From Too Many Chefs -

April 16, 2004
Asian Fish Raté

Last night, I decided to try to reproduce - with a few minor departures - a dish that I always order when we go out to our favourite Chinese restaurant, in the Paris suburb of Boulogne. The restaurant is owned and operated by a very good friend of ours, Mr. Kai-Yin Cheung and it's called Chez Ming. Steve has his favourites: Potage Pékinoise (Hot and sour soup) served with the spiciest hot oil either of us has ever tasted, followed by skewers of shrimp and beef on a sizzling platter. But for me it is, and will always be, the Poisson au Gingembre that makes my evening.

So last night, I decided to try my hand at imitating Mr. Cheung's delicious dish. Usually, it comes to the table covered with thinly sliced spring onions and ginger and basking in a lovely dark mixture of soy sauce and nectar of the gods (i.e. I have no idea what else he uses). My spring onions were looking distinctly fall-ish, so I decided to try julienned leeks instead. As I don't actually have a steamer large enough to contain the fish I bought, so I decided to "steam" everything by putting wine and soy sauce into a baking pan, covering it with foil and baking in a hot oven.

First, I put about 1/3 cup dry white wine in the baking pan and added about 3 Tbs soy sauce. Then I added the sliced leeks.

The next step I would skip the next time as unnecessary: I put the pan in a hot oven (200c/400F) in order to give the leeks a little more time to cook than the fish. Next, I sliced some small mushrooms. I layered the the mushrooms and then the fish on top of the leeks. As a final touch, I dribbled a couple of tablespoons of soy sauce on the fish. I baked it for about ten minutes.

Do you notice anything missing in this? I didn't.

I had started rice cooking before preparing the fish, and steamed brocolli just after putting the fish in the oven. (It seemed like the perfect vegetable for this dish, and was.) Everything done, I plated it and it looked pretty nice, I thought:

fish cooked.jpg

And it tasted pretty good too...despite the fact that I forgot the fresh ginger. Yes, that's right, it was called "Fish with Ginger". Kind of hard to forget, you would think, no? But I am only here to make you all feel nice and smug about how much cleverer you are about cooking. How very embarrassing. Still, it wasn't bad. Just not as nice as it could have been.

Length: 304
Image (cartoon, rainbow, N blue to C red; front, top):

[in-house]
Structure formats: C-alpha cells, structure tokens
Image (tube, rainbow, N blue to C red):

So if you would like to try this at home, I would suggest doing exactly as I did with two exceptions:

- put everything in the pan at once

- don't forget to julienne a couple of inches of fresh ginger and add it with the rest...

Or better still, go have the original:

Chez Ming
4 av Gén Leclerc 92100 BOULOGNE BILLANCOURT
01 48 25 57 03

Everything we have tried there is good, though the dishes I mentioned are our favourites. Cheung is also a recurrent champion in the Paris snooker league, so you can admire his cups all over the restaurant. (Yes, that's how we met him - Steve has hopes of some day taking an actual match off of him...)


I found this photo on the CNN site - kids, don't try this at home! They look like they came out of our Easter Eggs, don't you think?

(Just in case you are worried about the poor little chicks, this is the caption that ran with the photo: Chicks in Easter-egg colors feed at Triple D Farm and Hatchery in Palmer, Alaska. The hatchery sells a few hundred for the two weeks leading up to Easter each year. Owner Anthony Schmidt says a nontoxic dye is injected into eggs before the chicks hatch, coloring their down. The birds' natural coloring returns as they grow feathers.)

Posted by Meg in Sussex at April 16, 2004 1:22 AM | TrackBack

Hmm.... Somehow I don't think that sushi picture is an authentic photo.


Posted by Barrett on April 16, 2004 at 9:28 AM

I don't know to whom I should give credit - it has been making the rounds by e-mail for a few months. So to the anonymous creator: THANKS!!

Posted by Meg in Paris on April 16, 2004 at 10:28 AM